Two Sites Named State High Performing/High Poverty Schools
- May 26, 2009
Forest Heights Elementary and McKinley Middle Magnet schools have been named two of the 20 state High-Performing, High-Poverty (HPHP) Schools by the Louisiana Department of Education. They follow the belief that all children can learn, regardless of their socioeconomic background or other challenges.
The state selected schools from across Louisiana that are proven sites with large populations of economically disadvantaged students and that are providing children with a world-class education. These schools are recognized because they have a baseline School Performance Score of greater than 100 for both the 2006-2007 and 2007-2008 school years, no current “School in Decline” label and a free or reduced lunch percentage of more than 65 percent.
To be chosen as a High-Performing, High-Poverty School, schools must have achieved a baseline School Performance Score (SPS) of 100 or higher, or be considered a three-star school for both the 2006-07 and 2007-08 school terms, based on the state's accountability system. Schools labeled as a "school in decline" are not eligible for the designation.
To meet the definition of a high-poverty school, at least 65 percent of the school's population must be enrolled in the federally-funded free or reduced-price meal program. Student participation in the free or reduced-pr iced meal program is a national indicator used to measure poverty.
Through a partnership with the Board of Regents, the Louisiana Department of Education is conducting an analysis of the 20 HPHP schools to determine what factors contribute to their success. Department officials will make site visits and conduct interviews with members of these school communities in an effort to identify best practices that could potentially be replicated in schools with similar demographics.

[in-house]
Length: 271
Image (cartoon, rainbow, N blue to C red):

The state Department of Education will be inviting the schools’ leadership teams to recognition events this month and next.
Myra Varmall, Forest Heights Elementary’s principal, was excited about the state designation. “I personally try to make sure to provide professional development to teachers and have them continuously challenge students in the areas needing improvement,” she said. “At the heart of improvement is staying abreast of new and engaging activities students enjoy doing but also help us continue to reach new heights.”
McKinley Middle Magnet School Principal Herman Brister said, “It is an honor to receive such an award. This award is indicative of the hard work and dedication of the faculty, staff and students at McKinley Middle Magnet School.”
Principal Brister in Washington, D.C., to Accept McKinley Middle School’s Second Blue Ribbon Award
On Tuesday, November 13, 2012, Principal Herman Brister (pictured, left) and the school’s Teacher of the Year, Lynn Williamson (right), were in Washington, D.C., accepting McKinley Middle Academic Magnet School’s National Blue Ribbon Award from U.S. Department of Education’s Director of National Blue Ribbon Schools Program Aba Kumi (center). The event, which recognized some 314 schools from across the United States, was held at the Omni Hotel. Click herefor story.
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